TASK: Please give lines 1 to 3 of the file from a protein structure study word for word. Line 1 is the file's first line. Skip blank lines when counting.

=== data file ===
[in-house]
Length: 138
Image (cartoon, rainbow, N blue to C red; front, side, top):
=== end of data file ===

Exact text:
[in-house]
Length: 138
Image (cartoon, rainbow, N blue to C red; front, side, top):